NASA’s half a billion dollar Kepler telescope mission launched in March of 2009, with the primary goal being to answer the question: “What fraction of the stars you see in the night sky have planets that are not only Earth-sized, but also lukewarm in temperature, allowing water to exist in liquid form?” (liquid water is one of the biological prerequisites for life)
In a former Higher Learning Post we discussed how the Kepler missions have successfully identified hundreds of potential Earth-size planets that have a “Goldilocks” distance orbit from their stars.
In a space agency briefing earlier this month, NASA announced that they have identefied the most Earth-like planet yet. The planet is known as Kepler-186-F, and according to Dan Vergano from National Geographic the planet has,
“Red sunshine, seas, and maybe aliens? Scientists analyzing data from NASA’s Kepler Space Telescope today report the closest thing yet to another Earth, a world in a habitable orbit around a red dwarf star some 493 light-years away.”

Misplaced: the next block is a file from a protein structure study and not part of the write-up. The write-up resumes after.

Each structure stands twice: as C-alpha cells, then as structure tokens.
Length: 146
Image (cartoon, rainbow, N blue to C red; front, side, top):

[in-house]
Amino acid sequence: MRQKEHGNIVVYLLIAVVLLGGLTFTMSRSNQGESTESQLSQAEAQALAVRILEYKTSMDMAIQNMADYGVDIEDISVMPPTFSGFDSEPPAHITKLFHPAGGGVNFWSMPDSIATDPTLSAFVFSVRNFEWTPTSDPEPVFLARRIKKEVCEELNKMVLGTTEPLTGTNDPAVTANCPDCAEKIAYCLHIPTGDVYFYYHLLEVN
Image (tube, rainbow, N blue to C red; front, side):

“This is an historic discovery—the first Earth-size planet found in the habitable zone around its star. This is the best case for a habitable planet yet found.”
The Kepler spacecraft is still on the lookout for new discoveries, and scientists continue to analyze data as we continue our search for other habitable planets in our galaxy.
Check out the full post by Dan Vergano from National Geographic Here.